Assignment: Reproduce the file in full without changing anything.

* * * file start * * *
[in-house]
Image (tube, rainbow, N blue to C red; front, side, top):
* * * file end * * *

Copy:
[in-house]
Image (tube, rainbow, N blue to C red; front, side, top):